Prising free of my own perfectionism

My very nearly eight-year-old played Flounder in an amateur kids’ production of The Little Mermaid musical this weekend. I expected to be emotional (lots of welling up and wiping away tears: check!), proud (heart wildly drumming seeing her so confident and happy on stage: check!) and tired (check: it’s been months leading up to this, four performances in one weekend and I wasn’t even the one that involved!).

What I didn’t expect was to be revisited by my lifelong frenemy, perfectionism.

Perfectionism snuck up on me as I found myself assessing her and weighing up whether I felt this was something worth encouraging her to invest her time and energy in, in the future (I do think it is). I could justify going through this process by saying that our shared resources are limited so it makes sense to think about where her natural gifts lie and funnel into those.

But in so doing, I caught myself viewing not only her but all my children as less than my equal. I suspect I’m not the only parent who falls into the trap of treating their children as products to be invested in rather than full-blooded people with the right to pursue things simply because they bring them joy. When Laurence tells me he wants to do something, I don’t interrogate whether he’s likely to be the best at it. I just want him to be happy.

But I struggle to do this with my kids and I wonder whether it’s because I struggle to do it with myself. I have a lifetime of avoiding the possibility of failure. If I suspect I won’t be good at something instantly then I’m likely to either not try it at all or procrastinate until fear of failure becomes a self-fulfilling prophecy.

To complicate it further, success for me is very much in the eye of an external beholder. So it’s not just a case of avoiding trying something because I’m afraid I won’t live up to my own standards but because I’m constantly self-assessing based on the feedback I feel I’m getting from others. This is all pretty toxic territory for me to make camp in myself let alone invite my kids into, even if unwittingly.

It’s not all black and white. Perfectionism has helped motivate me to fine tune things, to push myself further, to increase my knowledge and even my empathy. But it has also been a stick to beat myself with.

When I break down, feeling that I just can’t manage being a mother, it’s usually because I despair at finding putting principles into practice terribly hard. I find it difficult to mobilise out of feeling overwhelmed so I can turn mistakes and shortcomings into learning.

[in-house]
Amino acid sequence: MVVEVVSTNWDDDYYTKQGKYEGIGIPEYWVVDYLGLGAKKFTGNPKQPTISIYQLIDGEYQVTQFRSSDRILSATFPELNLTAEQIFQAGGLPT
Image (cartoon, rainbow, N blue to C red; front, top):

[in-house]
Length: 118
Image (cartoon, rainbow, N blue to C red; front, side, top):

I disconnect from others when I imagine they don’t see what I want them to see. This is not a healthy way to be human. I don’t want it for myself and I certainly don’t want to model it for anyone else, especially the little people I love most.

I have been trying to tackle this. I’m also very good at becoming perfectionist about not being perfectionist, which is unsurprisingly unhelpful. And even as I began to wallow in annoyance at myself for struggling this way, my almost eight year old showed me the way out.

When we debriefed the experience of being in this play, she talked about it only in the terms of community and the way it made her feel. She was telling me that thing had value because it was fun. The only way to start shifting out of the endless cycle of self-assessment is to take risks by learning to play.

In a sense, every time I write something here or elsewhere, I am risking not saying something in the way I want it heard and maybe even risking you not liking what I’ve said. But it’s still a bit of a comfort zone because I’ve had a fair bit of practice.

When I stepped back this weekend and saw what I was doing with my little-not-so-little girl at a time when I should have simply been enjoying what she was enjoying, I realised that I must take bigger steps to rip up my own straitjacket. And actually, taking the stage myself will probably be a start.

Over the past months I’ve been writing a collection of poetry, Dreamworlds: Everywhere at Once, about how moving countries and transitionary experiences can change us. I’ll be sharing poems from this collection at Penzance Literary Festival next month and hopefully popping up a booklet here too.

This experience taps into all my triggers around perfectionism, self-assessment and being enough. It has been and continues to be an insistent invitation to stop hand wringing and learn to play.

I know it’s only a start and that prising free of perfectionism is likely to be a life’s work but… I’m not about to get perfectionist about that either.


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